Olives are known for their anti-inflammatory and antioxidant properties. Furthermore, their high Vitamin A content helps protect the eyes from diseases like cataracts and macular degeneration.
Olive trees are widely grown around the world for their fruit, oil and wood. They often serve as symbolic trees in monasteries or other communities.
Early Life and Education
The olive tree is revered throughout Africa for its wood, fruit, and leaves which are believed to possess healing powers. Warriors carry its branches shoulder high into manyatta (large circular enclosure) for ceremonial blessing and its olives are burned as a token of good luck.
Stone mills and hammer mills are two main machines used to crush olives for oil extraction: stone mills are preferred as their ability to maintain temperatures below 86 degrees protects polyphenols from breakdown.
Hammer mills employ metal bodies that rotate and throw olives at screens, producing higher temperatures which could result in oxidation and astringency of the final olive oil produced (Alba Mendoza 2001). To avoid this outcome during malaxation process, keep paste temperature low (Alba Mendoza, 2001).
The School of Agriculture, Food, and Wine brings together world-class research in olive sciences, plant biotechnology, soil science, horticulture, integrated pest management, viticulture, wine business as well as innovative solutions to industry through cutting-edge research, education and product transfer.
Australian olive cultivars exhibit low nuclear genetic diversity and share similar African plastid haplotypes throughout their invasive range (Australia, Norfolk Island, Kermadec Island, New Zealand and St Helena), suggesting secondary introductions from Cape area may have occurred and led to hybridization with European olives invasive in Australia and Norfolk Island, Kermadec, New Zealand and St Helena. Further genetic analyses using nuclear markers are therefore recommended.
Alongside running her family farm, she serves as a mentor for women working in the field and provides holistic support to her employees including financial literacy training. This has allowed them to overcome challenges like balancing work and family life, having husbands hesitant to support their career goals or raising children at home.
Achievement and Honors
As an emblem of peace and joy, the olive is widely revered throughout history; from Greco-Roman jars and frescoes in Minoa to Egyptian pyramids; its fruit and oil are treasured around the globe.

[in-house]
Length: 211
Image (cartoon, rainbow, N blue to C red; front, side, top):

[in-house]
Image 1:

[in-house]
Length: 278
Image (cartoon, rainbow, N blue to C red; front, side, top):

Sarah Ben Romdane and her team of female farmers at Tokara Farm in Bou Thadi work tree by tree under an orange sky using small hand rakes to loosen and dislodge olives so they fall gently onto large nets laid out on the ground.
At last, their hard work has paid off: Their robust Premium Blend won a gold medal at the 2022 New York International Olive Oil Competition — beating over 800 other oils from all around the globe to take first place! This accomplishment represents a major triumph for South African olive industry; it shows that our EVOOs can compete with those produced in Spain, Italy and Greece.
Olive trees are essential plants in the Mediterranean economy, used as an ingredient for cooking and cosmetic products alike. Their fruit has also long been recognized for its medicinal qualities; helping with everything from high blood pressure to sore throat.
Olea africana (African wild olive) can be found throughout afromontane forests of Sudan, Somalia, East tropical Africa and South Africa at altitudes reaching up to 2,500 meters.
African olive is an invasive weed spread by birds and foxes, quickly taking over native vegetation once established. Invasiveness has proven especially problematic in Australia where it has drastically reduced the number of native species growing beneath canopy cover.
South Africa is currently home to some of the leading producers, where most groves can be found lining the lush valleys of Cape Fold Belt. Production centers on Frantoio but other varieties such as Coratina, FS17 (aka Favolosa), Mission and Kalamata can also be seen growing here.
Multiple Mediterranean cultivars have been introduced into new environments outside their native range and have since become high-impact invasive species. Australia provides an opportunity for research on early genetic admixture between domesticated and wild taxa.
Phylogeographic analyses demonstrated that both O. europaea and O. cuspidata subspecies of olives had spread to Australia, Norfolk Island, Hawaii and Saint Helena through multiple introductions. Furthermore, molecular data indicated that populations found on NSW, Norfolk Island and Hawaii likely originated from South Africa since they possess two haplotypes found exclusively in Western Cape regions.